We have little set aside in college savings and we almost never qualified for need based aid. All this puts us squarely in the middle, like a lot of families trying to figure out how to pay for college.
So I’ll share what we did to afford paying for four kids in college at the same time.
8 Strategies I Used To Help Us Pay For College
I followed the strategies laid out in the Paying For College 101 Facebook group that worked best for our family situation.
Here they are:
1. Run the net price calculator (NPC) for every college your student is considering before you do anything else.
If the NPC results are going to be outrageous, don’t even visit, don’t even apply. (Unless there is a compelling reason like an unpublished scholarship your student might get.)
2. Encourage (I should probably say require) your student to apply to several REALLY safe-safety schools.
I consider a really safe-safety school to be one where your student’s GPA and test scores are much higher than the college average.
This will make your student one of college’s “top recruits”. Being a “top recruit” makes it more likely that your student would be offered a top merit aid scholarship is at that college.
3. DO NOT get set on a “Dream School.”
Be willing to walk away from any college if a better fit (academically, socially, geographically AND financially) comes along. Falling in love with a dream will not make this process more affordable for you nor for your student. It just won’t.
[Read Giving Up Your Dream College To Graduate Debt Free]
4. Appeal whatever the college’s first financial aid offer is.
Contact admissions and ask what the student needs to show or do to qualify for a higher merit scholarships.
Show a GPA upswing on their interim transcript? Retake the SAT for a higher superscore? Come in for a personal meeting with financial aid officers for possible need aid? Show bank statements? Whatever it takes.
[Read Tips For Handling Your Student’s Financial Aid Appeal]
5. Meet the people in the admissions office in person, even after your student is accepted.
Especially if it’s a top choice. These are often the same people who sit on the merit or appeals panel, and if they’ve actually met the student in person, the chances of getting approved go up.
6. Be specific about the dollar amount you actually need to be able to enroll.
Give the college the exact dollar amount that will make your student enroll right then and there.
7. Wait. Oh my goodness, wait!
As long as housing is guaranteed for freshman, have the student follow up via email and periodic phone calls after getting accepted.
But DO NOT COMMIT until literally May 1st to any college you cannot easily afford. Here’s why: if a college happens to be below their enrollment goals, the closer they get to decision day, THEY WILL ALMOST CERTAINLY increase aid offers hoping to get accepted (yet uncommitted) students to enroll.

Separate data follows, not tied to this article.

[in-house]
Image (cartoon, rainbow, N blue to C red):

8. Conversely, consider applying early.
If you’ve got a high-stats, middle income student, (especially if you’re lower income), DO NOT rule out early decision, restricted early action or single-choice early action (ED, REA or SCEA) at elite, deep-pocketed, need-blind admissions colleges that meet 100% of need with no-loans. Those may actually wind up being your most affordable options!
Regardless of their exorbitant sticker prices, heavily endowed colleges often have need aid policies that bring costs down far below your EFC – sometimes free, and often much cheaper than your State college would be. But the catch is they’re almost impossible to get in, no matter how qualified the student is.
To have better than a 1 out of 20 chance of getting in during regular decision, applying in early decision, restricted early decision or single choice early action can open doors to what could actually wind up being your most affordable option!
Just run the net price calculator on a few elite, or Ivy colleges if you’ve got a qualified student and you happen to be middle class – and see what I mean. The ED/REA/SCEA odds are still quite slim – but it can be your best shot.
Lastly, I’ve posted pictures, below, of my oldest four kids in their four different colleges along with details on the specific aid and admissions strategies we actually used to get them there. They cover three private colleges and one public school.
For the 2019/2020 school year, we’re able to pay for all four colleges without loans and no college is expecting more money from us than we actually have. (Which IS NOT a whole lot, keeping it real.)
I hope this helps answer questions many of you might have but didn’t feel comfortable asking!
DS1 (Dear Son, 1st child) a rising Senior at Delaware State University and a music major. He received a full tuition scholarship and and his meal plan is covered by scholarships/grants. He accepted loans his first few years, but will graduate with ~10k in student loans. He was our first. We simply didn’t know then what we know now about chasing additional institutional merit aid.
DD2 (Darling Daughter, 2nd Child) is a rising Sophomore at the University of Pennsylvania. She is majoring in Electrical Engineering. She applied early decision. Their generous need aid policies make our out-of-pocket costs realistic and affordable for us. (Less than half our EFC last year.) Thankfully, no loans for any of us were needed. The biggest issue was getting in at all, and she pulled out all stops to get in, including applying during Early Decision.